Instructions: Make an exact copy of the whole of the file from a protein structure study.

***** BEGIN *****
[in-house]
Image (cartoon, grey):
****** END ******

[in-house]
Image (cartoon, grey):